An on-duty Pinal County deputy was involved in a fatal crash. Now there's a threat of a lawsuit and new concerns that the deputy is not being held accountable.
The crash happened August 30, 2012, about 10 p.m. on U.S. 60 near Gold Canyon Ranch, east of the valley.
Pinal County Deputy Robert Steele was trapped in his burning patrol car, and Jeffrey Sorenson, 57, a retired Army officer and former Department of Defense executive, was thrown from his vehicle.
No one saw the cars collide.
Sorenson was thrown from his truck and pronounced dead at the scene. Steele was seriously injured and airlifted to the hospital.
Six days later, Department of Public Safety detectives interviewed Steele at the hospital. He had no reported memory and there were no witnesses, so DPS had to rely on technology and science to reconstruct the crash.
The exhaustive investigation determined Sorenson was turning left into his subdivision and pulled out in front of the on-duty deputy, who was westbound on U.S. 60. The deputy "T-boned" Sorenson's vehicle.
An autopsy revealed Sorenson's alcohol level was .21, more than twice the legal limit. He also was not wearing a seatbelt.
Steele was found to be speeding, and evidence indicates a possibility of inattentive driving. The patrol car's GPS system recorded Steele going 97 mph at the time of the crash. Other on-board computers indicate the deputy never applied his brakes before impact. Records show the deputy was not responding to a call, and witnesses who saw him speed past them say he did not have his police lights on or siren activated.
Despite Sorenson's alcohol level, DPS investigators determined Steele's driving was so reckless that a manslaughter charge was appropriate. They turned the report over to newly elected Pinal County Attorney Lando Voyles.
"We didn't see a criminal offense on the part of Deputy Steele," Voyles told CBS 5 News.
And Voyles said although Steele was speeding, he is allowed as an officer to do so.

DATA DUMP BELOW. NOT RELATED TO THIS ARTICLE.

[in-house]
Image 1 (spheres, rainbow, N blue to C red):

Longtime Maricopa County Attorney Rick Romley disagrees.
"He's wrong. He's just wrong on the law," Romley said.
Voyles refused to charge Steele because he said the deputy was involved in normal patrol activity. Voyles describes that activity as speeding up to a vehicle, running the plate to see if it is stolen, then speeding up to catch up with any other vehicle on the road and doing the same thing. CBS 5 News' check of the logs shows in the 10 minutes prior to the crash, Steele sped up and slowed down anywhere between 48 and 113 miles an hour.
"I refuse to criminalize police conduct that is within the laws," Voyles said.
Arizona traffic laws do allow officers to drive over the speed limit, but they must use lights and sirens. The law clearly states that the officer is not relieved from consequences of driving with reckless disregard for public safety.
"I think he broke the criminal laws, and I would have brought charges on this case," Romley said.
Sorenson's family would not talk on camera, but they, too, question why the deputy is not being charged. They have filed a $4-million notice of claim with Pinal County as the first step in a wrongful death lawsuit.
Voyles' decision not to file charges raises another question for Romley. Last election, Voyles ran on the same ticket and is closely tied to Pinal County Sheriff Paul Babeu.
Romley thinks another county attorney should have reviewed the case.
"If the implication is here somehow because sheriff (Babeu) and I ran on the campaign together that now I can't be fair and just in making a decision, that would be an absolutely false assumption to make," Voyles said.
Babeu and Steele declined CBS 5 News' request to comment.
Steele is fully recovered and currently assigned to desk duty pending the outcome of an internal review.
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